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Magnetospheric VLF line radiation.

Yearby, Keith Howard (1983) Magnetospheric VLF line radiation. PhD thesis, University of Sheffield.

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Magnetospheric VLF Line Radiation (MLR) is a broad band VLF emission (typically 1 kHz wide centered on 3 kHz) which has line structure in its spectrum. The events studied were received during 1977-80 at Halley, Antarctica and also in the geomagnetically conjugate region (Newfoundland). The occurrence of Halley MLR events as a function of local time and geomagnetic activity and the differences in MLR activity between Halley and SipLe, Antarctica are discussed. An MLR event received on 26 June 1978 may be the result of magnetospheric amplification of VLF radiation of harmonics from electrical power lines (PLHR) in the conjugate region; the radiated power required was estimated to be 50 mW. Most Halley MLR events do not have any direct relation with PLHR although in several of the generation mechanisms discussed PLHR may have an indirect role. A series of measurements of the electromagnetic field near to several power transmission Lines in Newfoundland were made to determine the magnitude of the unbalanced harmonic currents and the skin depth in the ground, which in turn were used to estimate the strength of PLHR entering the magnetosphere. The largest radiated power determined for a single line was 500 nW in the range 2.7 to 3.7 kHz although much Larger powers may be radiated from the more industrialised regions further west. A description of the VLF receiver and some improvements made to it is given followed by a review of spectrum analysis techniques and a description of some methods used for the work on PLHR and MLR.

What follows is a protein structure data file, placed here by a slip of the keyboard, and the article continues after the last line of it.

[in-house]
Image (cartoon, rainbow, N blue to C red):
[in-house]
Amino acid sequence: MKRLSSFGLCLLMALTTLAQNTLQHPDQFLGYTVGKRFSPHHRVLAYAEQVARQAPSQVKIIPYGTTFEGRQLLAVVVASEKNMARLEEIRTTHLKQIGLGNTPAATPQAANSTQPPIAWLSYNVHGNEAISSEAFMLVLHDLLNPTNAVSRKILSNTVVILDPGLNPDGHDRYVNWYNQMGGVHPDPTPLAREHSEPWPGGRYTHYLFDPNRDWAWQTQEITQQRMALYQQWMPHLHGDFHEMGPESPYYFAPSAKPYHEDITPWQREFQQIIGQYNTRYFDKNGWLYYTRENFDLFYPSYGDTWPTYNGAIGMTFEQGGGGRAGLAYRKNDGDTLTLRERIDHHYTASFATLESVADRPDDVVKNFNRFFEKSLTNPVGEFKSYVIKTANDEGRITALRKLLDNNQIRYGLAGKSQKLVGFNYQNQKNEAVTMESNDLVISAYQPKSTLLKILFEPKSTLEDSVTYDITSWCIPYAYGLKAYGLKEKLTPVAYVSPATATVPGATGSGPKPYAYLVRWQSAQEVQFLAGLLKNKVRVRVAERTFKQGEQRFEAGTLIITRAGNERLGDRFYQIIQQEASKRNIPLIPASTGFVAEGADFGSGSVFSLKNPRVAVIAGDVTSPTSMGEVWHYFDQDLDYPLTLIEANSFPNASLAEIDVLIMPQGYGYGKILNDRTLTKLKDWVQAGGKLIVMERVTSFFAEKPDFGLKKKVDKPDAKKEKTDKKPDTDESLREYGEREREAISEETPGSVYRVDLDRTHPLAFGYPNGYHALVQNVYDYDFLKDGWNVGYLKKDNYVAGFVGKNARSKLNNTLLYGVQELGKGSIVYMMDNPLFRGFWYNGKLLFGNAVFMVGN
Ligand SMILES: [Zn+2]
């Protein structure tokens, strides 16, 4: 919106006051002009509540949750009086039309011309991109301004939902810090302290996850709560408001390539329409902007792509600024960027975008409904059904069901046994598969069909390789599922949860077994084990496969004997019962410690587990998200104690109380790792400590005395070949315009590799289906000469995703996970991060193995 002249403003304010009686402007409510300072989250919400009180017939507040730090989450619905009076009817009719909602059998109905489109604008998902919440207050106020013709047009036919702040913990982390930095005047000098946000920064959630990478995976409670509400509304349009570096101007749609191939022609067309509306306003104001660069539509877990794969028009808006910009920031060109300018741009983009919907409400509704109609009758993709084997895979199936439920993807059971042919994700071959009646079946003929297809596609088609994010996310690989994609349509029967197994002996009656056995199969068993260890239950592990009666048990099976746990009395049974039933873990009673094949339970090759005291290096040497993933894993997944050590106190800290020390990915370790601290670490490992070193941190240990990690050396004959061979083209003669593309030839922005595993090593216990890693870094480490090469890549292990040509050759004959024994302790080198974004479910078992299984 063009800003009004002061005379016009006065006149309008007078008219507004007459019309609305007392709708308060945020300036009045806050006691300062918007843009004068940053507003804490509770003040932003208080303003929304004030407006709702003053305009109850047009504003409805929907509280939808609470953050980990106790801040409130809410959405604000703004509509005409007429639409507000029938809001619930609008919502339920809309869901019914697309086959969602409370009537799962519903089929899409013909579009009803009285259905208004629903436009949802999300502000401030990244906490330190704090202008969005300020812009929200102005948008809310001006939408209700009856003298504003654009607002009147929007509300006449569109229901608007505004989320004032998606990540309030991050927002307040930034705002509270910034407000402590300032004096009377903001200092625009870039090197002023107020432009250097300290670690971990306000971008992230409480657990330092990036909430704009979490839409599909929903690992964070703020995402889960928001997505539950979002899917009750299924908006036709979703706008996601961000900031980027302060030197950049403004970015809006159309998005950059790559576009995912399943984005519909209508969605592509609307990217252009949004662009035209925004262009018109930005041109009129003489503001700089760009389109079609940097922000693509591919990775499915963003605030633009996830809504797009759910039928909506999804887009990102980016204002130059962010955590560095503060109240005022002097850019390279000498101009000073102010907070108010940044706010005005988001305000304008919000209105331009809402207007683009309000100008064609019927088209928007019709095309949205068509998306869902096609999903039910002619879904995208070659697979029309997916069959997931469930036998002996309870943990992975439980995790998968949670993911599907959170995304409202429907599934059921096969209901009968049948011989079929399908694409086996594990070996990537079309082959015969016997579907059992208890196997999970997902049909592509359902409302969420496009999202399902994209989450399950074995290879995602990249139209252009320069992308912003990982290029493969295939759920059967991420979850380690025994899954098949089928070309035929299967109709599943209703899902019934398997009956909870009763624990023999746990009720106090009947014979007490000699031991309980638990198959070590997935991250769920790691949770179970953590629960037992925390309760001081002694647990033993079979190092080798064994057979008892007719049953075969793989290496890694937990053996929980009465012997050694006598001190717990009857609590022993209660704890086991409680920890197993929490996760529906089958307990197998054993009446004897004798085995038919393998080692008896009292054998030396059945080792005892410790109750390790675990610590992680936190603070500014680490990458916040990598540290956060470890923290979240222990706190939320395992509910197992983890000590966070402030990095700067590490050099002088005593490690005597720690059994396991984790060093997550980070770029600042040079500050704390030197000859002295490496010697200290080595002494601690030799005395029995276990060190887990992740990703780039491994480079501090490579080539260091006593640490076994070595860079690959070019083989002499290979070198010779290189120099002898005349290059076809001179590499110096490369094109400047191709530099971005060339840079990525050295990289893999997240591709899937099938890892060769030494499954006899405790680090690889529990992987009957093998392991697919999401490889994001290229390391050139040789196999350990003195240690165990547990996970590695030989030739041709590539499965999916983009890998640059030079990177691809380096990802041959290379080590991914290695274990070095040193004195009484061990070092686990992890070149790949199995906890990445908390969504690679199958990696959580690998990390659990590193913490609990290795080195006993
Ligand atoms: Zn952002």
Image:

Item Type: Thesis (PhD)
Keywords: Geomagnetism
Academic Units: The University of Sheffield > Faculty of Science (Sheffield) > Physics and Astronomy (Sheffield)
Other academic unit: Department of Physics
Identification Number/EthosID: uk.bl.ethos.256707
Depositing User: EThOS Import Sheffield
Date Deposited: 16 Sep 2019 10:45
Last Modified: 16 Sep 2019 10:45
URI: http://etheses.whiterose.ac.uk/id/eprint/21743

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